Legg Mason's business booms while rivals crash


NEW YORK -- At a time when many firms on Wall Street are suffering, Baltimore-based Legg Mason Inc. expects its fiscal year to close at the end of March with record or near-record earnings.

Last year Legg Mason also was the exception to generally depressed industry conditions, generating record revenues and net earnings and coming within 6 cents of its record for earnings per share of $1.38, registered in 1987, when Wall Street was booming.

Working to Legg Mason's benefit has been its ability to dodge the more destructive practices of many brokerage firms, such as 'junk' bonds, investment partnerships and bridge loans, while adding on a new, related, business -- money management -- that is producing large, and possibly sustainable, profits.

During the first three-quarters of its fiscal year, Legg Mason earned $9.2 million. All 334 member firms of the New York Stock Exchange combined earned slightly less than $23 million during that period.

Industry figures for the last quarter of 1990 have not been released, but it was a period of depressed activity and will likely further underscore the contrast between Legg Mason's prosperity and the overall poor business conditions.

"You're looking at two not very good years in the market, and we seem to be able to earn pretty consistently, which means in a better market environment we should do even better," said the company's chief executive officer, Raymond "Chip" Mason.

Legg Mason isn't the only publicly traded brokerage to prosper in a time of poor results. Perrin Long, an analyst with Lipper Analytical Services, believes that the past year has been good for A. G. Edwards & Sons in Missouri and Raymond, James & Associates in Florida, both firms that, like Legg Mason, are regional and focus on retail investors.

That, Mr. Long said, suggests Legg Mason's prosperity may have as much to do with its fortuitous position in the industry as it does astute management.

Still, many other firms with a retail focus registered losses last year, including Connecticut-based Advest Securities, North Carolina's Interstate Securities and New York's Paine Webber, as well as major New York-based investment banks with large retail operations, such as Shearson Lehman Bros. and Prudential Securities.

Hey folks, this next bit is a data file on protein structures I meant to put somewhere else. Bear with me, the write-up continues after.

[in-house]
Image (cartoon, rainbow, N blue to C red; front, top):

Legg Mason hasn't been immune to mistakes. Its $34 million 1987 acquisition of Howard Weil Financial in New Orleans has been profitable only in the past year, and Mr. Mason said he remains unhappy with the results.

Because of dilution associated with the acquisition, which was paid for in Legg Mason stock, earnings per share has yet to exceed past peaks even as overall income has grown.

Since then, however, Mr. Mason said his firm appears to have built a more consistent, core earnings base of $1 to $1.20 a share annually regardless of market conditions.

The firm continues to add brokers and open new offices, up from 75 to 78 in the past year, but the critical element in its stronger bottom line has been a burgeoning money management business that encompasses products such as mutual funds.

Assets under management have ballooned from $300 million, largely in a money-market fund, in 1982 to in excess of $10 billion currently. The largest portion is in Western Asset Management Co., a California-based fixed-income money management firm acquired in 1986.

Legg Mason receives fees based on a percentage of the money under management; hence revenues from money management have grown along with assets.

Because money management has large economies of scale, its impact on Legg Mason's profits has grown even quicker, to more than 50 percent last year and 60 percent this year.

"The underlying assets allow us to have continuing earnings regardless of what the market is doing," Mr. Mason said.

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